Unemployment Rate Dips to 8.2% as 120,000 New Jobs Are Added in March
A job seeker holds a job application during the San Francisco Hirevent job fair last month. Photo by Justin Sullivan/Getty Images.
The online headlines sum up the just-released March unemployment numbers:
“Job Growth Loses Steam,” announced the Wall Street Journal. “Employers Added 120,000 Jobs in March, Fewest in Five Months” is the way Bloomberg put it. Said the New York Times: “The United States economy added a relatively weak 120,000 jobs in March, compared with 240,000 in February.” And from across the pond the Financial Times posted, laconically:
“U.S. jobs growth slows in March.”
It all adds up to what many not-so-secretly fear: “an indication,” as the Journal put it, “that momentum could be slowing.” In recent days, news reports have focused on fears of any end to further economic stimulus — by the world’s major governments or their central banks. While stock markets in the West are closed for Good Friday (and Passover), bond and stock futures markets continue to trade. On Friday morning, there was a rush to U.S. Treasuries — a sign of slowdown fears — and U.S. stock futures were down 1 percent, back below 13,000 for the Dow Jones index.
The supposedly good news was the announcement that the official unemployment rate dropped in March from 8.3 percent to 8.2 percent. But a look at the numbers reveals that when surveyed in their homes, 30,000 fewer Americans reported to have a job in March than the month before. So how could the unemployment rate go *down? Because more than 100,000 Americans vanished from the “civilian labor force.” If more people drop out than lose jobs, the ratio of unemployed to workers sinks, and that’s what appears to have happened in March. Or, as economist Peter Morici put it: “Unemployment rate fell to 8.2 percent, simply because 133,000 unemployed adults became discouraged and quit looking for work.”
The other question you may have: How can 120,000 jobs have been added if fewer Americans said they were working? The unsatisfying but accurate answer is “statistical noise.” There are two surveys: one of employers; the other, of workers. Both are based on samples from which the final numbers are projected — “extrapolated.” Then the Bureau of Labor Statistics performs a “seasonal adjustment.” As a result, month-to-month unemployment comparisons are to be taken not just with the proverbial pinch of salt, but a shaker’s worth.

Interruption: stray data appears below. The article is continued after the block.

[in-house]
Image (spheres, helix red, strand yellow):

Add up all the qualifications and asterisks to Friday’s data, and the official unemployment rate didn’t really drop and is still stratospheric for a recovery.
Unemployment data based on the U.S. non-institutionalized civilian labor force as compiled by the Bureau of Labor Statistics.
Regular readers know, however, that we rely on a broader jobless measure: our own inclusive count of all Americans looking for a full-time job, but either idled or are working part time, “U-7.” Happily, it dropped to 16.55 percent in March from 16.85 percent, as more part-timers shifted to full-time work and fewer out-of-the-workforce Americans said they “want a job.” These numbers were greater than the 100,000-plus folks who didn’t look for a job in the past 12 months and were dropped from the labor force. But we include them in U-7.
U-7 bottom line: This marks the sixth consecutive monthly drop from a high of 18.41 percent in September 2011. When U-7 dropped for February, Baseline Scenario’s Simon Johnson tweeted it as an especially positive sign.
@paulsolman; your U-7 employment picture is definitely encouraging – perhaps even more so than the standard metrics /SJ
— Baseline Scenario (@baselinescene) March 10, 2012
*- This is a rare year in which Good Friday and Passover fall on the same day. Some may find this fitting in that Jesus’ Last Supper, the basis for Communion, was, according to the Synoptic gospels (Mark, Mathew, Luke), the first Seder, which is being celebrated Friday night. The fact astonished my Indian cab driver in New York on Thursday, however. He had no idea that Jesus was Jewish.
This entry is cross-posted on the Making Sen$e page, where correspondent Paul Solman answers your economic and business questions